Hall of Silence

A quiet place to reflect on God, His Word, and His Church

Category: Worship

Idolizing the Bible

Woe to you, blind guides, who say, ‘Whoever swears by the temple, it is nothing; but whoever swears by the gold of the temple, he is obliged to perform it.’ Fools and blind! For which is greater, the gold or the temple that sanctifies the gold? And, ‘Whoever swears by the altar, it is nothing; but whoever swears by the gift that is on it, he is obliged to perform it.’ Fools and blind! For which is greater, the gift or the altar that sanctifies the gift? Therefore he who swears by the altar, swears by it and by all things on it. He who swears by the temple, swears by it and by Him who dwells in it. And he who swears by heaven, swears by the throne of God and by Him who sits on it.  — Jesus Christ

Which is greater:  the Word of God or the being that inspired it?  Why, then, do so many appeal to the word of God instead of God himself?

I think the deification of the bible is a blind spot to many Christians, myself included.  We tend to view the bible—correctly, I think—as the inspired word of God.  However, we tend to deify the word itself and turn it in to an idol, wherein we appeal to the word of God to arbitrate our disputes rather than turn to God himself.

There is a certain convenience to appealing to the word instead of appealing to God.  For starters, it’s considerably easier to do so.  What could be easier than citing book, chapter, and verse to prove a point or settle a doctrinal matter?  Not a thing, which is why we make so many appeals to the Bible.

It is far more difficult to appeal to God to settle a matter.  In the first case, we must know him, which is a rather difficult thing to do.  As the heavens are above the earth and all that.  In the second case, we must imitate him. (Cf. Eph. 5:1.)

Now, one objection to this line of argumentation is that knowing God’s word is the same as knowing God.  This, unfortunately, is nonsense.  Some of us even today can be said to know Plato’s words.  But how many of us can be said to know Plato?  It is thus obvious that knowing someone’s words is not the same as knowing that person.  Likewise with God, merely knowing his Word is not anywhere close to being the same as knowing him.  While it is true that knowing God’s word can aid in knowing God, ultimately our knowledge of God will have to surpass mere book knowledge.

Long ago, Christ, referencing the prophets, said, “they have eyes to see but cannot see and ears to hear but cannot hear.”  He said this when explaining why he spoke in parables.  Christ claimed that some truths about God are hidden in order to ensure that only those who are actually seeking God will find him, which fits in with what he said on the Sermon on the Mount when he claimed that everyone who seeks will find.  Some truths about God are hidden in plain sight, so to speak.  Christ made use of many parables that referenced nature to show that even many mundane things can teach spiritual lessons.  Even common things hold the secrets of God.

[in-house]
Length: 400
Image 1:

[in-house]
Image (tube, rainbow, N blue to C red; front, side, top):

For example, the marital relationship illuminates many spiritual truths, as evidenced by Paul’s writings in Ephesians 5:22-33.  The father-son relationship is another way of understanding God.  Christ even noted that a corrupted version of this relationship can still show theological truths.  The Psalmist wrote that nature reveals the glory of God.  Christ argued that God’s providence can be seen among the birds of the air and the grass of the field.  Indeed, God can be seen everywhere, if you know how to look.  We need not limit our understanding of God to simply knowing his word; we can know him through his creation.

We can also know him personally, as long as we seek him.  Prayer is an obvious avenue, but self-reflection seems to be a good approach as well (cf. II Cor. 13:5).  We are made in God’s image, and we have a form of Godliness within ourselves as a result.  Our natural instinct is to be like our heavenly father, but because of sin we often suppress it, which is why Paul encourages us to be imitators of God as dear children.  If we are sensitive to our conscience, and if we make a point of truly knowing our heart as best we can and seeing the image of God inscribed therein, we can know God better.

However, it often seems that we would rather idolize the bible because this is the path of least resistance.  We can champion the bible as an objective standard and constantly compare ourselves to the word.  This is a rather lazy way of handling the matter of spiritual growth, for we ought to compare ourselves to God, which requires some hard work and heavy intellectual lifting, as well as blunt honesty.  This is a difficult thing, which is perhaps why we so often eschew it.

Or perhaps we don’t recognize the inherent idolatry of worshiping the word of God instead of God himself.  The word of God is definitely a good thing, and it shouldn’t be ignored; it also shouldn’t be elevated above God, either.  The problem comes when we, like the Pharisees, elevate the subordinate above the sanctifier.  It’s not that the word of God is to be ignored; it’s that we must make sure that the word is subordinate to its giver.

The point in this little exercise is this:  if we often find ourselves appealing to the Word instead of appealing to God, perhaps it is time to ask ourselves whether we are worshiping God or worshiping his word.  And if we find ourselves doing the latter, perhaps we ought to spend a little time realigning our priorities.

Second Service

A while back, the preacher of the congregation I attend was asked about the scripturality of eliminating evening services.  It seems that the person asking the question had heard of several nearby churches cancelling evening services because attendance was generally and relatively low, and thus wanted to know if this was a good, bad, or morally neutral.  The preacher, to his credit, noted that such a decision is not inherently sinful or unscriptural.  However, he still decried the various churches’ decision to cancel evening services on the grounds that worship services are always a chance to learn and be encouraged, and that we should thus take advantage of every last one of them.  I wondered if there were any others who thought this way, and if they wouldn’t mind answering a few objections.